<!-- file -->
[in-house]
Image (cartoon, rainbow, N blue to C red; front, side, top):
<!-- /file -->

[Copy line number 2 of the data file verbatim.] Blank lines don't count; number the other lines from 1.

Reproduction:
Image (cartoon, rainbow, N blue to C red; front, side, top):